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ON BASEBALL

Starters must stop it

KANSAS CITY, Mo. -- It has become a head game. Every starter who takes the ball feels he needs to stop this hideous streak that has produced a 7.98 ERA from starters over the last nine games.

Tim Wakefield took the ball last night with the intention of ending the cycle of horror, but was unsuccessful. Thus, Curt Schilling gets the ball tonight in the hopes of ending a four-game losing streak and, more importantly, helping return the rotation to one of the best in the majors.

Easier said than done? Right now, it feels near impossible.

Wakefield wasn't awful in last night's 5-2 loss to the Royals, but he was far from dazzling, and was the first to admit it. He lasted 6 2/3 innings and allowed nine hits and four earned runs, but he walked four, one with the bases loaded.

The entire rotation is searching for answers. After the game, Pedro Martinez sat at a table in the locker room with an ice pack on his pitching shoulder after a day of trying to work out some of his recent problems. Derek Lowe was looking over his shoulder. Schilling wasn't far behind, offering advice.

Manager Terry Francona has tried to figure it out to the point where he may be outthinking himself. Keeping Wakefield, who has pitched better than most of the starters, out of the Colorado series, which starts June 15 in Denver, doesn't make a lot of sense. Thin air, heavy air, who cares?

"I just work here," said Wakefield, in response to questioning about his turn being skipped. "I'm not paid to make those decisions."

While Wakefield volunteered to miss one start earlier this season, he clearly didn't raise his hand for this one. He will go eight days without starting, but will be on call to relieve Bronson Arroyo in Colorado. Does it make sense? Nothing seems to at the moment.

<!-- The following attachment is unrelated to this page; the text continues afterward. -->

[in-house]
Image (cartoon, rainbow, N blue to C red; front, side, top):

Asked whether he was looking forward to seeing Schilling go out there tonight, Francona said, "I'm always comfortable sending Schill out there. I was just as comfortable sending Wake out there. It goes back to the more good pitchers you have, these things should stop. That would certainly be the hope."

Right now, the hope is far from the reality. Maybe one good Schilling start will get the ball rolling. Maybe Martinez found what he was looking for in his side session.

"It was frustrating that I couldn't stay out of a big inning," lamented Wakefield. "I tried to hold them and I ran into problems in the fourth and the fifth. I'm not making good pitches right now. I felt the ball was moving, but it wasn't moving like it was supposed to. I just wasn't making good pitches, especially when I needed to."

When a team is going bad, the other team senses it. Royals manager Tony Pena, whose own team has struggled most of the season, was trying to make things happen by sending his runners against the knuckleballer, and that produced opportunities for Kansas City.

"I'm trying my best and I understand what's going on with our team," said Wakefield. "We're not pitching too well right now. You want to try to stop the bleeding as well as you can. I just didn't get the job done tonight."

Though not a spokesman for those in the rotation, Wakefield was clearly disturbed over the starters' recent ineffectiveness.

"I can't answer it for anybody right now," he said. "I can only answer it for myself. Mentally, I feel great. Mechanically, I'm a little bit off right now, not making the pitches I need to make."

Nobody's making the pitches they need to. The only pitcher on the staff whose ERA is below 4.50 over the last nine games is reliever Anastacio Martinez. Over the last five games, the Sox have played four opponents in three cities and three time zones over a six-day stretch.

"We know the schedule before we even start the season," said Wakefield. "It seems all the little things that usually don't happen right now are happening. Just go out and get them tomorrow and try our best. That's all we can do."

Francona was asked whether it's time for a team meeting. He didn't dismiss the notion. But a meeting won't help a pitcher on 3 and 2. Right now, it's up to Schilling. And the role of stopper is precisely what the Sox had in mind when they acquired him last November. Now, more than ever, would be a time to make it happen. Because nobody else is.

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